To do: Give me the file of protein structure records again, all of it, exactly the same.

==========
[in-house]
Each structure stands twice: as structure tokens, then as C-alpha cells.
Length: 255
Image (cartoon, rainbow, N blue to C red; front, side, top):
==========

[in-house]
Each structure stands twice: as structure tokens, then as C-alpha cells.
Length: 255
Image (cartoon, rainbow, N blue to C red; front, side, top):